Ideally, yes, your hard work would automatically be recognized and your boss would give you a raise without you needing to ask. But, it doesn’t always work that way — and SoFi has created the ultimate guide on how to get a raise.

Highlights of the guide include:

•  Being clear about what you deserve in compensation. It might help define your value by researching what other professionals with your skills, experience, and education are receiving.

•  Gathering facts. This could include the financial information we’ve mentioned, plus your accomplishments, what others value about your work, and what you plan to contribute to the company going forward.

•  Building up your confidence. It might help to practice your pitch for a raise with trusted friends and colleagues.

•  Making an appointment. You might want to set a time to give your data-based, professionally expressed, well-timed request for a raise.

Then, you could invest any raise (or bonuses) into your retirement savings.

Image Credit: Ridofranz / iStock.

4. Delaying retirement

5 ways to rebuild your retirement savings

If you were born in 1960 or beyond, then your full retirement age for Social Security benefits, according to the IRS, is 67. There are also delayed retirement credits that you can take advantage of. In this scenario, you could earn 124% of your monthly benefit if you delay retirement until the age of 70 — a delay of 36 months.

You may decide that, yes, you’re going to keep working in your current career until the age of 70. Or, you could switch to an encore career, one that brings about a change of pace for you and allows you to focus on a specific passion, one that might offer more freedom and aligns with values you hold dear.

It could involve consulting or freelancing, or otherwise using skills, contacts and experiences in a new way, possibly even telecommuting or working a more non-traditional schedule.

This might help increase Social Security benefits while working in an exciting new career. You could also use some of your earnings to invest in retirement savings.

Image Credit: Tinpixels.

5. Reviewing your portfolio

5 ways to rebuild your retirement savings

It might help to review your retirement portfolio to determine if you’re investing in the best way, with “best” defined differently for each person. Each person has their own risk tolerance, and each person’s financial situation is unique.Your portfolio review might take those factors into account.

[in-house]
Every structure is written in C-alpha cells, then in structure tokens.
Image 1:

Perhaps you also have a wealth account, an investment vehicle where you contribute after-tax funds. If so, it might make sense to review that portfolio, as well, to determine if you may be able to accelerate growth.

As you look at your portfolio, would it become even more meaningful if you focused on active and automated investing platforms that could help you as an investor without paying fees.

Learn more:

External Websites: The information and analysis provided through hyperlinks to third party websites, while believed to be accurate, cannot be guaranteed by SoFi. Links are provided for informational purposes and should not be viewed as an endorsement.
SoFi Invest
The information provided is not meant to provide investment or financial advice. Investment decisions should be based on an individual’s specific financial needs, goals and risk profile. SoFi can’t guarantee future financial performance. Advisory services offered through SoFi Wealth, LLC. SoFi Securities, LLC, member FINRA  SIPC . The umbrella term “SoFi Invest” refers to the three investment and trading platforms operated by Social Finance, Inc. and its affiliates (described below). Individual customer accounts may be subject to the terms applicable to one or more of the platforms below.

Image Credit: Drazen Zigic / iStock.

AlertMe

Leave a Reply

Your email address will not be published.